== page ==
- Lectures
- Omar Fawzi
- Mondays 13:30-15:30
- Amphi B

- Tutorials
- Elena Krishanova and Bertrand Simon
- ??

- Probability formalism (illustrated with fingerprinting, min-cut algorithm and more)
- Concerntration bounds (Chernoff, Azuma-Hoeffding)
- Random graphs
- The probabilistic method
- Markov chains
- Continuous distributions

- [MU] Probability and Computing: Randomized Algorithms and Probabilistic Analysis
- [O'Do] Probability and Computing lecture notes.
- [Sah] Discrete mathematics and probability theory lecture notes (starting at Lecture 10).

- A final exam
- One midterm exam
- Homeworks (every 1 or 2 weeks)

Date | Topic | References |

Jan 30th | Probability spaces, events, independence, conditioning. Examples: Veryfing polynomial identities and matrix multiplication. |
Ch 1 of [MU] with slightly more formal definitions for prob space |

Feb 1st | Examples of probability spaces, Borel sets, Lebesgue measure. Random variables and expectation. Linearity of expectation. |
Beginning of ch 2 of [MU] with more formal definitions. See also lecture notes 1,2,3 from this course |

Feb 8th | Geometric and binomial distributions. Coupon collector problem. Randomized quicksort. Markov's inequality. Variance. Variance of a sum of independent random variables. Chebychev's inequality. |
Continuing ch 2 and beginning of ch 3 of [MU] |

Feb 27th | Chernoff bounds for binomial(n,1/2) and sums of independent 0,1 random variables. Sampling application of Chernoff. Load balancing (Chernoff + union bound method). |
Ch 4 of [MU]. See also [O'Do] on Chernoff bounds and load balancing. |

Mar 5th | Random processes. Balls and bins: birthday problem, maximum load (ln n)/(ln ln n) for n = m. Poisson approximation (Bin(n,c/n) similar to Poi(c)) Random graphs: isolated vertices. Branchings processes (definition and analysis of expected size of generation n). Defined conditional expectation (for discrete rvs). |
Ch 5 [MU]. Lecture notes on random graphs (also has a chapter on branching processes) |

Mar 13th |
Finished branching processes: extinction probability. The probabilistic method. Lower bound on Ramsey numbers. Using expectation argument: maximum satisfiability. Sample and modify: graphs with large girth. Lovasz local lemma: sufficient condition for a formula to be satisfiable. |
Ch 6 [MU] |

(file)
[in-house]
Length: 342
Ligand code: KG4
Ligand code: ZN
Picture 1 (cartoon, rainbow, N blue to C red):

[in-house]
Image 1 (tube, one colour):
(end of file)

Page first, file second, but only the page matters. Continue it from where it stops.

Mar 20th |
Randomized algorithms. Monte-Carlo and Las Vegas. Examples: Min-cut (contractions), Miller-Rabin primality testing and finding an assignement satisfying 7/8 clauses.
Started coninuous distributions. |
Ch 1 of [MU] for min-cut. [O'Do] for Miller Rabin |

Mar 28th |
Continuous distributions. Jointly continuous disctribution. Buffon's needle example. Minimum of n uniforms. Examples: Uniform, exponential (with memoryless property), (Multivariate) Normal distribution. Application: Johnson-Lindenstrauss for dimension reduction (without proof) |
Ch 8 of [MU] |

Apr 3rd |
Convergence of random variables: almost sure and in probability. as => in prob but converse not true. Weak and strong law of large numbers (on the way, Borel-Cantelli). |
See lectures 4 and 5 of this course |

Apr 10th |
Convergence in distribution, central limit theorem (proof sketch only). Started Markov chains, definition, representation (matrix, graph). Example with analysis of 2-SAT algorithm. |
See lecture 6 of this course and Ch 7 of [MU] |

Apr 24th |
Finished the analysis of 2-SAT algorithm and discussed 3-SAT. Notion of recurrent and transient states and different characterizations of it. Random walks on Z^d (recurrent for d <= 2 and transient for d > 2). Irreducible Markov chain. |
Ch 7 of [MU] |

May 2nd |
For an irreducible MC, if one state is recurrent then for all i,j probability to reach j starting at i is 1. Definition of a stationary distribution. Obstacles to convergence: reducibility and periodicity. For an irreducible MC with a stationary distribution, all states are recurrent For an irreducible and aperiodic MC, for any states i,j there is an n0 such that P_{i,j}^{n} > 0 for all n > n0. Main convergence theorem: For an irreducible and aperiodic MC with stationary distribution \pi, P_{i,j}^n -> \pi_j Sufficient condition for stationary distribution: finite expected return time h_{i,i}. \pi_i = 1/h_{i,i} is then a stationary distribution. For finite irreducible MC, h_{i,i} is always finite. |
Ch 7 of [MU] |

May 9th |
Important class of MCs: Random walks on graphs. Expected return time of i = 2 |E|/deg(i). Cover time for any graph is upper bounded by 4 |V| |E|.
Introduction to statistics. |
Ch 7 of [MU] |

May 15th | Maximum Likelihood estimator. Hypothesis testing, p-value. | Ch 1 of notes and parts from other chapters |